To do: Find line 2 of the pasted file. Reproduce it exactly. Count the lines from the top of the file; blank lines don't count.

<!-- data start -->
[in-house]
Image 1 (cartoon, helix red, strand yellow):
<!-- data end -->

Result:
Image 1 (cartoon, helix red, strand yellow):